return;
 
         if (DMType == NewGDM || DMType == NoDM || DMType == LightDM) {
-            // systemd supports only 2 modes:
-            // * interactive = true: brings up a PolicyKit prompt if other sessions are active
-            // * interactive = false: rejects the shutdown if other sessions are active
-            // There are no schedule or force modes.
-            // We try to map our 4 shutdown modes in the sanest way.
-            bool interactive = (shutdownMode == KWorkSpace::ShutdownModeInteractive
-                                || shutdownMode == KWorkSpace::ShutdownModeForceNow);
-            QDBusReply<QString> check = SystemdManager().call(QLatin1String(
-                    shutdownType == KWorkSpace::ShutdownTypeReboot ? "Reboot" : "PowerOff"), interactive);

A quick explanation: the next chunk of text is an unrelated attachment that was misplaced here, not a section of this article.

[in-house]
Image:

-            if (!check.isValid()) {
-                // FIXME: entirely ignoring shutdownMode
-                CKManager().call(QLatin1String(
-                        shutdownType == KWorkSpace::ShutdownTypeReboot ? "Restart" : "Stop"));
-                // if even CKManager call fails, there is nothing more to be done
-            }
+            // Workaround for LiMux release 6.0
+            // write the user request to a file
+            // delegate shutdown to "limux schedule shutdown for logind"
+            QString uid = KUserId::currentUserId().toString();
+            QFile flag_file("/run/user/" + uid + "/shutdown_request");
+            if (! flag_file.open(QIODevice::WriteOnly | QIODevice::Text))
+                return;
+            QTextStream handle(&flag_file);
+            handle << (shutdownType == KWorkSpace::ShutdownTypeReboot ? "reboot" : "poweroff");
             return;
         }